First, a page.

“Kolbari is not illegal either; there is no criminal law forbidding kolbari. But the border guards shoot at them, kolbars fall from mountains and heights, and/or get killed by landmines as they flee ambushes. There is no mechanism for prosecuting the shooters.”
Dr Mohammadpour maintains that the killing of the kolbars should be analyzed in the context of Ruhollah Khomeini's declaration of Holy War (jihad) against Kurds on August 19, 1979, and in the context of decades of Kurdish resistance. Following the conquest of Rojhelat, the region was heavily militarized; the new Iranian regime began to establish revolutionary institutions along with religious and cultural centers, taking control of the region in order to transform its demographic, religious, and cultural profile.
From this perspective, the government considers not only the kolbars but also the Kurds at best a "minority enemy". Just like the Armenians of Turkey in World War I, kolbari is another form of national oppression against the Kurds, stemming from the institutionalized discrimination based on to ethno-linguistic differences."
Dr. Mohammadpour and Dr. Kamal Soleimani have divided the main policies of the Islamic Republic towards Eastern Kurdistan in the last four decades into four periods: militarization, securitization, deprivation, and the destruction of economic infrastructure.
"We consider the first decade of the Islamic Revolution as the decade of militarization and the imposition of a bloody war on Kurdistan," he told IranWire. "Between 1999 and 2009, at least 50,000 Kurds were killed, including victims of the Iran-Iraq war.
“On the pretext of the eight-year war with Iraq, the regime took the opportunity to further militarize the Rojhelat, to turn it into a war zone and wipe out the so-called Kurdish ‘perverts’. They launched a fully-fledged military and security campaign which destroyed agricultural lands and turned them into military bases and minefields, supposedly to cut off relations between the residents of the rural areas and the Kurdish peshmergas."
The second decade, they say, was devoted to securitization. "This type of security is the mechanism of occupying the Kurdish everyday life through the establishment of security institutions, special vetting departments for administrative recruitment, de-localization and the creation of parallel religious and cultural networks, such as the Hosseiniyeh, while implanting the Student Basij in schools and educational centers."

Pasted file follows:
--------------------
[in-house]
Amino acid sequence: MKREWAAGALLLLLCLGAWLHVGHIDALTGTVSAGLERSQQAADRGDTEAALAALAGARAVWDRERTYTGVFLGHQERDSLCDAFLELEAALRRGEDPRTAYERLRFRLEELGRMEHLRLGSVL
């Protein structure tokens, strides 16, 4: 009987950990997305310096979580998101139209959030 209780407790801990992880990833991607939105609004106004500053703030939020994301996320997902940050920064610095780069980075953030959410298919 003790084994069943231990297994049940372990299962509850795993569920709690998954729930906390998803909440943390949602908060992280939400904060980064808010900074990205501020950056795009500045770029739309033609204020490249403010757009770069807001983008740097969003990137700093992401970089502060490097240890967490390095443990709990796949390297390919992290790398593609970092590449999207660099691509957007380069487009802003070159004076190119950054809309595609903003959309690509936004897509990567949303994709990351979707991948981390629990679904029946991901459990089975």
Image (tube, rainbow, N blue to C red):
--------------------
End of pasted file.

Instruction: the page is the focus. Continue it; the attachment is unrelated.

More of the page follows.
The third decade of the Islamic Republic, according to these two scholars, is characterized by creating deprivation in Kurdistan: in other words, undermining indigenous labor while forcedly re-directing Kurds to areas outside the Rojhelat, where their labor was needed most.
Finally, the fourth decade involved a comprehensive destruction of Kurdistan’s natural infrastructure, including the transference of Kurdistan’s water resources to Hamedan, Arak, Tabriz and other cities, and the deforestation of Kurdistan through deliberate wildfires. The most devastating of these wildfires occurred in the city of Mariwan and Sarwabad in summer 2010, which is designated the “black summer” by the Chya NGO. In 2010 alone, Chya had registered around 935 wildfires, an unprecedented record in wildfire not just in Kurdistan, but also across Iran.
Finally, Dr Mohammadpour believes the killing of kolbars by state forces has nothing to do with the so-called “smuggling” but due to the fact that the kolbars are Kurds, who have resisted assimilation policies for more than 40 years. “What happens to the kolbars,” he says, “is a punishment: a collective punishment of the entire Rojhelat."